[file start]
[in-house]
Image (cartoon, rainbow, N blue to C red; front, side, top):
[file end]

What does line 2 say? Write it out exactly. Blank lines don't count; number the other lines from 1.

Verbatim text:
Image (cartoon, rainbow, N blue to C red; front, side, top):